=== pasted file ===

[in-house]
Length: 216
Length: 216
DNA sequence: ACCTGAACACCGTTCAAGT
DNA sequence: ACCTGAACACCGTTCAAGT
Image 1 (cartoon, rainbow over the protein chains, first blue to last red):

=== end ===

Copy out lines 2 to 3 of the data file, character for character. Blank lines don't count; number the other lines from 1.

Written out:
Length: 216
Length: 216